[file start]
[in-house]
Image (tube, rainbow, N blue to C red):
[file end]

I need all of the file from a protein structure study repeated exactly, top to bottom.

[in-house]
Image (tube, rainbow, N blue to C red):